The Surface Pro 8, with its larger screen and performance improvements, is the star of Microsoft’s Surface lineup. But for people who prefer real laptops over convertible tablets, a new relative deserves a look: the Surface Laptop Studio.
Like the old Surface Book, the Surface Laptop Studio aims to be a regular laptop with the option to get the keyboard out of the way when it’s time to draw or write with the Surface Pen. But where the Surface Book’s screen can be completely removed from its base, the Laptop Studio has an attached screen with a folding hinge — not quite unlike the old Surface Studio desktop it’s named after.
So where does the Surface Laptop Studio fit into the new Surface lineup? How does it compare to the old Surface Book design? And how does it compare to other premium big screen laptops from the other PC makers?
Microsoft Surface Laptop Studio
A solid, albeit strange, laptop
The Laptop Studio inherits a rock-solid, all-aluminium design from the old Surface Book. Something about the way the metal has been treated makes it softer to the touch than the aluminum finish on a MacBook Air or Pro, and it feels nice against my wrists and palms.
But the weird bendable hinge of the Surface Book is gone, making the Laptop Studio look more like a regular laptop. I say “more like” because this is still an odd design – most high-end professional laptops have some sort of taper or curvature in their design to minimize harsh lines and reduce their size. The Surface Laptop Studio is remarkably flat and plate-like, rounded in the four corners but aggressively angular throughout.
Seen from above, the Surface Laptop Studio looks more like a conventional laptop, with a backlit chiclet-style keyboard, a large one-piece trackpad, and a 14.4-inch 2400×1600 display with a uniform, narrow bezel. Like other Surface devices, the screen uses a 3:2 aspect ratio instead of the typical 16:9 (or the increasingly common 16:10), creating extra vertical space for photos and documents.
The screen supports a fast refresh rate of 120 Hz, making Windows 11’s new animations look attractively smooth. Unlike the Surface Pro 8, the Laptop Studio uses that faster refresh rate by default. The screen also has an excellent (for an IPS panel) 1675:1 contrast ratio and a maximum brightness of 506 nits, according to our i1DisplayStudio colorimeter.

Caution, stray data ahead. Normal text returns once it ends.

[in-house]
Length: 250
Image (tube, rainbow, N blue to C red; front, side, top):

The only drawbacks are the high reflectivity of the screen and the coverage of the color gamut, which supports 100 percent of the sRGB gamut but only 84 percent of the DCI-P3 gamut. Several laptops in this price range from Apple, Dell, Lenovo, HP and other PC makers can display this wider color gamut, but most devices in the screen-centric Surface line still don’t.
Both the keyboard and trackpad are very good, as they generally are on Microsoft’s products. The chiclet keyboard’s sturdiness and travel is roughly equivalent to Dell’s most recent XPS 13 and 15 laptops or Apple’s post-butterfly MacBook keyboards. The trackpad may be more jarring to some people, though it will feel very familiar to longtime Mac users: the trackpad doesn’t have a physical hinge, so it doesn’t “click” in the traditional sense. As Apple has done in its MacBooks for years, the Laptop Studio uses haptic feedback to simulate the feeling of a physical click.
After years of using a MacBook I don’t mind this feeling, and sometimes I even prefer this kind of trackpad because the “click” effect feels exactly the same all over the trackpad – and it makes so much less noise than a physical click . But if this is your first experience with a haptic trackpad, it may take some getting used to. Windows settings allow you to fine-tune the firmness of the haptic feedback; I think it feels best with the haptics turned all the way up, which is how I set it up in macOS, but you can lighten it up or even turn it off completely if that’s what you want.